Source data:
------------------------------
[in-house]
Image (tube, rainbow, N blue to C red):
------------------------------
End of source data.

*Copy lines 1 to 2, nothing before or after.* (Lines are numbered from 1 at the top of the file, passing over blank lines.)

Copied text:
[in-house]
Image (tube, rainbow, N blue to C red):